Later that year, Richard Bong increased his enemy kills to 28. At this point, he surpassed the enemy kill rate of Eddie Rickenbacker, who downed 26 enemy kills during World War I. Rickenbacker sent the new Ace of Aces a personal message of congratulations.
By April 1944, he earned a promotion to major and was sent back to the home front in Texas to train incoming pilots on P-38s. In September of that year, Bong returned to the Pacific because the lure of flying combat missions was too great. Clearly, Bong’s commanders felt he was more valuable on the front lines.
All told, Richard Bong downed a whopping 40 enemy planes in over 200 flying missions. No one has gotten close to that record since. General MacArthur personally awarded Bong the Congressional Medal of Honor for his exploits. The famous general intoned:
“Major Richard Ira Bong, who has ruled the air from New Guinea to the Philippines, I now induct you into the society of the bravest of the brave, the wearers of the Medal of Honor of the United States of America.”
In early 1945, the Ace of Aces finally married Marge. He was reassigned to the Flight Test Section of Wright-Patterson Air Force Base to test a new plane, the Lockheed P-80 jet fighter, starting in June of 1945. On August 6, 1945, Bong entered the cockpit of a P-80 after logging four jet-flying hours in the plane.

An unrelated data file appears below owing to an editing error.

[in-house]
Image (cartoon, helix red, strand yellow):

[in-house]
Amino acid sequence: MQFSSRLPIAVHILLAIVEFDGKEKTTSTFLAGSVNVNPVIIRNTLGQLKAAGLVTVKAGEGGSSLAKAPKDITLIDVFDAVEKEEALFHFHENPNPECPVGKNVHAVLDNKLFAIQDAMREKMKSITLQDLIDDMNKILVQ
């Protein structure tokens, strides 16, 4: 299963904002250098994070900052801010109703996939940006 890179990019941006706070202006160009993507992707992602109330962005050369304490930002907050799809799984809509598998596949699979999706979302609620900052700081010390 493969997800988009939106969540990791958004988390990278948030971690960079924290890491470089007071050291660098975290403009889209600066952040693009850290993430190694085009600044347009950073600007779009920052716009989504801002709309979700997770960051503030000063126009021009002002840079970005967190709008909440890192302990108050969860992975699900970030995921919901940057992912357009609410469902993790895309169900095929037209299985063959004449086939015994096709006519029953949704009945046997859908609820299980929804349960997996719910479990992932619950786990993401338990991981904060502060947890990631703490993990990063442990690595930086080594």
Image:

Witnesses saw black smoke coming from the aircraft shortly after takeoff. The jet flipped over and made a nose-dive for the ground. Bong’s body was found 100 feet from the crash site, wrapped in his parachute that failed to deploy properly.
Investigators determined that Bong failed to engage the “takeoff and land” backup switch for the electric fuel pump. The engine stalled shortly after takeoff.
It was an abrupt end to a glorious career. Rather than dying facing an enemy, America’s greatest flying ace perished in a simple training accident. Ironically, Bong died on the same day that America dropped the atomic bomb on Hiroshima.
Richard Bong was only 25 years old. In just seven years in the military, he had lived more adventures than most people have in a lifetime.
After learning about Major Dick Bong, America’s best World War II fighter pilot, check out the story of Bessie Coleman, the first black female fighter pilot in America Then, check out the story of Lady Be Good, the lost American bomber.